Margaret Oliphant, The Perpetual Curate: Ch. 26

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Chapter XXVI

 

The first thing Mr Wentworth did was to hasten up-stairs to Wodehouse's room. Sarah had gone before him, and was by this time talking to her mistress, who had left the window, and stood, still in her nightcap, at the door of her own chamber. "It's something about Rosa Elsworthy, ma'am," said Sarah; "she's gone off with some one, which nothing else was to be expected; and her uncle's been a-raving and a-raging at Mr Wentworth, which proves as a gentleman should never take no notice of them shop-girls. I always heard as she was a bad lot."

"Oh, Mr Wentworth—if you would excuse my nightcap," said Mrs Hadwin—"I am so shaken and all of a tremble with that noise; I couldn't help thinking it must be a murder at the least," said the little old lady; "but I never could believe that there was anything between you and—Sarah, you may go away; I should like to talk to Mr Wentworth by himself," said Mrs Hadwin, suddenly remembering that Mr Wentworth's character must not be discussed in the presence of even her favourite maid.

"Presently," said the unhappy Curate, with mingled impatience and resignation; and, after a hasty knock at the door, he went into Wodehouse's room, which was opposite, so full of a furious anxiety to question him that he had burst into speech before he perceived that the room was empty. "Answer me this instant," he had cried, "where is Rosa Elsworthy?" and then he paused, utterly taken aback. It had not occurred to him that the culprit would be gone. He had parted with him late on the previous night, leaving him, according to appearances, in a state of sulky half-penitence; and now the first impulse of his consternation was to look in all the corners for the fugitive. The room had evidently been occupied that night; part of the Curate's own wardrobe, which he had bestowed upon his guest, lay about on the chairs, and on a little table were his tools and the bits of wood with which he did his carving. The window was open, letting in the fresh air, and altogether the apartment looked so exactly like what it might have done had the occupant gone out for a virtuous morning walk, that Mr Wentworth stopped short in blank amazement. It was a relief to him to hear the curious Sarah still rustling in the passage outside. He came out upon her so hastily that Sarah was startled. Perhaps she had been so far excited out of her usual propriety as to think of the keyhole as a medium of information.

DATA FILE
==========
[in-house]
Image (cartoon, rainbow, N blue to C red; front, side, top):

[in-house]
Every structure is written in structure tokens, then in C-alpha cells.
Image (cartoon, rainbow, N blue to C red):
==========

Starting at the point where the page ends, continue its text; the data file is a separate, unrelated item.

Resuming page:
"Where is Wode—Mr Smith?" cried the Curate; "he is not in his room—he does not generally get up so early. Where is he? Did he go out last night?"

"Not as I knows of, sir," said Sarah, who grew a little pale, and gave a second glance at the open door. "Isn't the gentleman in his room? He do take a walk in the morning, now and again," and Sarah cast an alarmed look behind to see if her mistress was still within hearing; but Mrs Hadwin, intent on questioning Mr Wentworth himself, had fortunately retired to put on her cap, and closed her door.

"Where is he?" said the Curate, firmly.

"Oh, please sir, I don't know," said Sarah, who was very near crying. "He's gone out for a walk, that's all. Oh, Mr Wentworth, don't look at me so dreadfully, and I'll tell you hall," cried the frightened girl, "hall—as true as if I was on my oath. He 'as a taking way with him," said poor Sarah, to whom the sulky and shabby rascal was radiant still with the fascinating though faded glory of "a gentleman"—"and he aint one as has been used to regular hours; and seeing as he was a friend of yours, I knew as hall was safe, Mr Wentworth; and oh, sir, if you'll not tell missis, as might be angry. I didn't mean no harm; and knowing as he was a friend of yours, I let him have the key of the little door."

Here Sarah put her apron to her eyes; she did not cry much into it, or wet it with her tears—but under its cover she peeped at Mr Wentworth, and, encouraged by his looks, which did not seem to promise any immediate catastrophe, went on with her explanation.